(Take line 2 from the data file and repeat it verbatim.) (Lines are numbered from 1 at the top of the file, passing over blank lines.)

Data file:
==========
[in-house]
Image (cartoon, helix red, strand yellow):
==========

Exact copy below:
Image (cartoon, helix red, strand yellow):